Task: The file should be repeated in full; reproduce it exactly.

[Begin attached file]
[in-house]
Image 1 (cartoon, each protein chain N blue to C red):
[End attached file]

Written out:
[in-house]
Image 1 (cartoon, each protein chain N blue to C red):